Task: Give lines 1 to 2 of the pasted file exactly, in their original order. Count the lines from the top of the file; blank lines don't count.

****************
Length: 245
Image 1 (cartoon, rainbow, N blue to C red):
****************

Length: 245
Image 1 (cartoon, rainbow, N blue to C red):